Why it is Important for People to Support Narendra Modi in the Massive Black Money Hunt?

Two days after the demonetization drive began, one of my colleagues expressed how aghast she was to learn that her friend had some unaccounted few lakh rupees in cash stowed at home. The amount had been kept ready for purchase of a new house. This drives home an important fact we often overlook in our self-righteous condemnation of black money:

It’s not only the high flying business folks who deal in black money – several of our aam aadmis and aurats do it too.

Every single time someone pays a bribe to get things done the easy way, or agrees to purchasing something without a bill to save on the tax, or buys a property below the stamp duty value, he is contributing to the black money conundrum. Of course we justify it by saying that when everyone around us is corrupt, why should we be Raja Harishchandra? This, then, is what is bleeding our economy at a deep level and if we wish to see real change, it is precisely this attitude that has to change.

The common man must decide to stand by what is good not just for him at a personal level but also that which is good for the well-being of the nation as a whole. We all speak of how people in other countries like the US or Singapore are law-abiding citizens. When are we going to realize that a law-abiding nation cannot be created unless and until the citizens decide to follow the laws the government makes? It is vital that highfalutin defaulters like Mallya be brought to book; but equally important is the task of preventing the rise of several more Mallyas by creating fraud-deterrent conditions within the country.

People stay righteous for two reasons – either because they are self-motivated by their principles, or because they are afraid of the punishment that will ensue when they don’t toe the line. When the former begins losing its hold, it is indeed time to crack the whip to restore probity in public life.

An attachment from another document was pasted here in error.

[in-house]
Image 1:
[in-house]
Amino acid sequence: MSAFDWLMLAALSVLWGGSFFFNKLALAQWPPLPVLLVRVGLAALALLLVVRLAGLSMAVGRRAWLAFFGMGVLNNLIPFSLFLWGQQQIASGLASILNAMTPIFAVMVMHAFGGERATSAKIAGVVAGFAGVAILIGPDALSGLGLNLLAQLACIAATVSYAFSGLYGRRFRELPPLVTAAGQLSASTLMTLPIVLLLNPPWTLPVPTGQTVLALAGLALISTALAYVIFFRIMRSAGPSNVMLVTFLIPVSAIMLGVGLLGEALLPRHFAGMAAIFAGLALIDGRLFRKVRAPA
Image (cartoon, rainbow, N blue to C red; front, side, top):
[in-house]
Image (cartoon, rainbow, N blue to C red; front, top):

There are people who seek to draw attention to the inconvenience and damage caused by this demonetization drive. In particular, there is a sad event of an infant who died because the ambulance drivers refused to accept old currency. http://indianexpress.com/article/india/india-news-india/jaipur-infant-dies-father-says-no-cash-for-ambulance-4372521/

In this and some other cases, the fault is sought to be laid at the feet of the PM who – in the eyes of these naysayers – launched on this “hare-brained” drive.

Why couldn’t the ambulance drivers have accepted the old currency notes? Why didn’t they value a tiny life more than their money? Why didn’t anyone else at the hospital step up to help the hapless father? Why didn’t the hospital authorities throw their weight behind the patient? Fact is, this lack of a humane approach has spread its cancerous arms throughout our society. There must be several such incidents that happen in different parts of our nation on a regular basis – no one ever pays attention because they’re not glamorous enough for TRPs. But now, when the aim is to throw muck at someone trying to usher in a change in the system, the breast beaters have all woken up.

Since the past 30 months, our media has been leveraging its expertise in rumor-mongering. It consistently seeks to make you miss the forest for the trees, and revels in pointing out the rare defective or stunted tree, laying the blame at the new gardener’s feet. Never mind the fact that in reality, those trees developed problems because of factors intrinsic to them. When you’re working to an unholy agenda, truth becomes collateral damage.

These are trying times. A change is being sought. The way the majority of the Indian populace has reacted is a clear indicator that many of the people of this land are ready to do their part. The refrain amongst people in the longest of queues outside the banks and ATMs is predominantly upbeat. ‘If this can help do away with corruption, we are willing to chip in and do our bit,’ they say.

There are people helping others in filling out forms at banks; others are sending alerts of banks and ATM locations where the crowd is less; some are using their personal goodwill with bank authorities to generate small change to help the ill, the elderly and the illiterate.

Let us not crib about the inconvenience and collateral damage. Pain is an inevitable companion to revolutionary, life-giving change. When faced with difficult situations, we can be part of the problem or we can be part of the solution. The choice we make today is going to make all the difference to where our nation heads in the years to come.

Anusuya Suresh